HTML and CSS Reference
In-Depth Information
If you invoke this function with two numbers, the result is as expected:
> add(1,1)
If you accidentally pass a string as one of the parameters however, the result is very differ-
> add(1,"1")
Instead of adding the numbers, JavaScript has performed string concatenation between the
number and the string. It is unlikely that this is the result expected. This is one reason why
the typeof operator is so important in JavaScript, it allows the function above to be rewrit-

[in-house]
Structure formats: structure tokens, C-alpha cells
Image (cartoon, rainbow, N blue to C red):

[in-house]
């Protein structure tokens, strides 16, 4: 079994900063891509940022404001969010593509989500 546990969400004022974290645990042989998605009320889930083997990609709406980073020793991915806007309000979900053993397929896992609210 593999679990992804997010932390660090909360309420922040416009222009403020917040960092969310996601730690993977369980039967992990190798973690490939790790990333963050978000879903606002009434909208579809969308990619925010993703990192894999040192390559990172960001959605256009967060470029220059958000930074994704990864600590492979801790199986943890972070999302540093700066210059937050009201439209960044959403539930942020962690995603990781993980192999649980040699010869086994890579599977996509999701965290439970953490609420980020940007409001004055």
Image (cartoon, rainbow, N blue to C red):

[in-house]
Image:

ten as follows:
function add(v1, v2) {
if (typeof v1 === "number"
&& typeof v2 === "number") {
return v1+v2;
} else {
throw "both arguments must be numbers";
This at least ensures data type issues will be identified at run-time, even if it does not high-
light these issues to the programmer who wrote the code allowing the function to be called
Using the “+” operator on different data types produces a variety of random res-
ults in JavaScript:
{} + [] = 0
[] + {} = Object
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